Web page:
Staph Infections 101

Treatment and Prevention of Staph Infections

Staph infections are a strange entity to deal with because their treatment is what has led to their strength. By using antibiotics, the bacteria have adapted and learned new tricks, turning strains like MRSA into a superbug. If you think you've got a staph infection, you should see your doctor immediately.

Once you're in the doctor's office, a tissue sample or nasal secretion sample will reveal to your doctor whether your infection is staph-related.

If your doctor is able to identify the bacteria behind the infection, he or she will decide whether an antibiotic is necessary. As we mentioned earlier, many strains of staph are resistant to common antibiotics like penicillin and methicillin. When confined to the skin, a doctor may first try to drain the fluid before using antibiotics. Although the bacteria still remain, this clears away the initial infection.

The best way to deal with a staph infection is to not get one. The prevention methods are remarkably easy and resemble the list of hygiene tips your grandmother might have given you:

  • Isolation. If you're in the hospital, there isn't much you can do yourself to prevent a staph infection. However, the hospital may isolate a patient who is infected and require the health care workers to wear protective garments when dealing with him or her.
  • Don't share personal items. This one might seem like common sense, but it's good to remind teens and athletes alike not to share towels or athletic wear.
  • Cover your wounds. Again, common sense here, but since the pus of infected areas is where staph bacteria like to live, be sure to keep this area covered with a sterile bandage.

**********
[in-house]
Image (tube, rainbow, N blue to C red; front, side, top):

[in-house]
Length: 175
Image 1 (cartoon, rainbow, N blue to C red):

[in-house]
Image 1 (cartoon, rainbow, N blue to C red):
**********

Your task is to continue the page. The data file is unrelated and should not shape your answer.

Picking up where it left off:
• Wash your hands often. Do it just like grandma always told you: Scrub your hands briskly for 30 seconds with warm water and soap. A good rule of thumb is to hum "Row, Row, Row Your Boat" to yourself twice while washing before turning off the water. Hand sanitizer is a good idea for when you're on the go, too.
  • Change out tampons. You'll be significantly lowering your chances at getting toxic shock syndrome if you change your tampon every four to eight hours.
  • Don't pick your nose. We probably don't need to mention this one, but since staph love the area around your nose and mouth, it's important to keep your fingers away from there.

[source: CDC]

For lots more information about staph infections, continue on to the next page.

Related HowStuffWorks Articles


  • Associated Press. "Staph Infections Reported at Schools Across the Country." New York Times. Oct. 17, 2010. (May 22, 2010).
  • Borlaug, Gwen; Jeffrey Davis; Barry Fox. "Community Associated Methicillin Resistant Staphylococcus Aureus." University of Wisconsin Hospital. October 2005. (May 30, 2010).
  • Centers for Disease Control and Prevention. "Community-associated Methicillin Resistant Staphylococcus aureus (CA-MRSA)." March 3, 2010. (May 22, 2010).
  • Gregory, Sean. "A Slew of Staph Infections Tackles the NFL." Time Magazine. Oct. 25, 2008. (May 23, 2010).,8599,1853828,00.html
  • Herchline, Thomas MD. "Staphylococcal Infections." Updated Jan. 8, 2010. (May 22, 2010).
  • Hirsch, Larissa MD. "Staph Infections." Teens Health. Jan. 2008. (May 20, 2010)
  • Mayo Clinic. "Staph Infections." June 9, 2009. (May 22, 2010)
  • Mayo Clinic. "Toxic Shock Syndrome." May 7, 2009. (May 29, 2010).
  • McKenna, Maryn. "A New Strain of Drug-Resistant Staph Infection Found in U.S. Pigs." Scientific American. Jan. 23, 2009. (May 24, 2010).
  • McKenna, Maryn, Terry Gross. "MRSA: The Drug-Resistant 'Superbug' That Won't Die." NPR. March 23, 2010. (May 24, 2010).
  • Orent, Wendy. "A Brief History of Staph." Massachusetts General Hospital -- Proto Magazine. Winter 2006. (May 20, 2010)
  • Stöppler, Melissa MD. "Staph Infection." Medicine Net. Reviewed April 12, 2010. (May 20, 2010).